To succeed in today’s economic environment, leadership must build a foundation that allows the creative energy released by employees to actually work. We must leverage employee dedication and sacrifice that stems from ownership of the vision-values and core beliefs that have been engrained into the culture of the organization. The CEO or owner of this type of company generally conveys a well-articulated set of principles that guide the business and help to instill the same values in employees. By declaring their goals publicly this type of leader inspires trust and respect, which is the baseline for employee commitment to success during tough economic times and long-term growth.

This broader vision of success requires new business tools, practices and relationships. Being receptive to new ideas and suggestions opens the door to an array of business opportunities. That’s what being current and relevant is all about. You cannot afford to wallow in a pool of pessimism and past practice without opening your mind to new ideas and new options.

Be Open-Minded

The Internet revolution brought on many changes to the market place and presented enormous opportunity.  Before this revolution took place, undertaking large projects, entering new markets or working globally was the exclusive privilege of large corporations and conglomerates.

In this century, innovative use of ‘virtual’ corporations, strategic alliances and other partnerships and ventures means smaller companies can now compete and generate business outside their traditional markets. Communication technology allows global orientation for even the smallest business and the greater efficiencies that can be offered by a team of small players enable these firms to perform on the global stage.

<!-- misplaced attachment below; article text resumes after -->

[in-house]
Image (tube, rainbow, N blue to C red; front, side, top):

Dealing with economic crisis requires the application of sustainable business principles that are current and relevant. You must maintain a forward momentum regardless of circumstance. Realize that every problem and challenge you face on a day-to-day basis as a result of the faltering economy are the same issues and challenges faced by your competitors. Ask yourself this question: “Can you outperform the competition?”

Improvements in your sustainable business practices must come from new ways of thinking about meeting customer needs and redesigning operations with a priority focus on servicing your customer.  You can’t afford to do the “Moonwalk” if you are to thrive during tough economic times. Prepare yourself and your management team to be forward-thinking and open to new ideas.

Focusing on Qualitative Market Share Growth

One of the biggest challenges in creating a sustainable future and gaining market share in a tough economy is the ability to refocus policy and practices across a variety of functions.  The focus on revenue growth was appropriate prior to the current economic environment, when “fish were jumping in the boat.” Today, however, focus must be on market share as opposed to top line growth. Remember, if sales decline by 10% but the market itself declines by 20%, you have effectively gained market share.  This is an important principle that everyone on your team must understand. High-performing organizations integrate market share focus and performance management best practices more than other organizations. Conversely, low-performing organizations consistently underutilize these best practices and lose focus on market share.

Execute the Plan

The inability of organizations to effectively execute their contingency or strategic plans is one of the major factors limiting success - success measured by market share growth. Recent management research and literature has thoroughly documented the importance of execution in creating success during tough economic times. Organizations execute their strategies through the creation of contingency plans and strategic initiatives, comprising any number of initiatives, programs and projects that become the vehicles for realizing the corporate vision that is current and relevant.

Whether a company ultimately succeeds or fails during these economic times depends on the effectiveness of the actions taken to deal with current challenges. Before these actions can be taken, however, companies must recognize these challenges for what they are to take appropriate actions.